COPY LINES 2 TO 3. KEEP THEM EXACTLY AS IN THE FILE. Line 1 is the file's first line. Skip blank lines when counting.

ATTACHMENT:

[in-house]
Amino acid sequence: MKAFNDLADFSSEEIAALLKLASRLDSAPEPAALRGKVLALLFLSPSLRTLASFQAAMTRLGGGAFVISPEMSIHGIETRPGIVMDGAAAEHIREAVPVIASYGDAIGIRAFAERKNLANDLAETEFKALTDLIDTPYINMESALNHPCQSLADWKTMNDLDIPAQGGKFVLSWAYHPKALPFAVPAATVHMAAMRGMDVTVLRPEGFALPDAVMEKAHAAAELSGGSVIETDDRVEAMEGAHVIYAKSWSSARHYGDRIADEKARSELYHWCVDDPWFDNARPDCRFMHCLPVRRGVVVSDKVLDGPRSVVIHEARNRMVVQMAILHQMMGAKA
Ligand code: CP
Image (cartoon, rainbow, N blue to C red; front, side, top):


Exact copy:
Amino acid sequence: MKAFNDLADFSSEEIAALLKLASRLDSAPEPAALRGKVLALLFLSPSLRTLASFQAAMTRLGGGAFVISPEMSIHGIETRPGIVMDGAAAEHIREAVPVIASYGDAIGIRAFAERKNLANDLAETEFKALTDLIDTPYINMESALNHPCQSLADWKTMNDLDIPAQGGKFVLSWAYHPKALPFAVPAATVHMAAMRGMDVTVLRPEGFALPDAVMEKAHAAAELSGGSVIETDDRVEAMEGAHVIYAKSWSSARHYGDRIADEKARSELYHWCVDDPWFDNARPDCRFMHCLPVRRGVVVSDKVLDGPRSVVIHEARNRMVVQMAILHQMMGAKA
Ligand code: CP